In his book The Ten Faces of Innovation: IDEO's Strategies for Defeating the Devil's Advocate and Driving Creativity Throughout Your Organization, author Tom Kelley talks about "cross pollinators," who function essentially in this role of "beginner's mind" for an organization.
"The Cross-Pollinator draws associations and connections between seemingly unrelated ideas or concepts to break new ground. Armed with a wide set of interests, an avid curiosity, and an aptitude for learning and teaching, the Cross-Pollinator brings in big ideas from the outside world to enliven their organization. People in this role can often be identified by their open mindedness, diligent note-taking, tendency to think in metaphors, and ability to reap inspiration from constraints."
In a sense, the Cross-Pollinator that Kelley describes is the quintessential novice. They are bringing all of their experience and knowledge from an outside discipline and applying it to a new problem, making connections and intuitive leaps as they go. They are weaving connective tissue between disparate ideas, like neural pathways in the brain. And these pathways often yield something unexpected and kind of cool: A new idea.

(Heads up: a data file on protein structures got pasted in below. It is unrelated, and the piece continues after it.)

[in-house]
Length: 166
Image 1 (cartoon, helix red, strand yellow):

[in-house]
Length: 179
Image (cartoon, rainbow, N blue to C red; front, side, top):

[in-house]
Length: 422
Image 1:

But the trick here (if you can call it a trick) is that the Cross-Pollinator is leveraging existing experience. They are exposing themselves to as many different ideas and methods and concepts as they can, and then connecting those ideas to existing knowledge, and repeating that process with every new problem or idea they encounter.
How Problem Solving (and Learning) Works
In the case of our chess players, if you come into the game knowing nothing about chess but a ridiculous amount about repairing automobiles, you may find yourself connecting what you learn with what you already know. Maybe you can create connections between repairing a carburetor and running a playing strategy.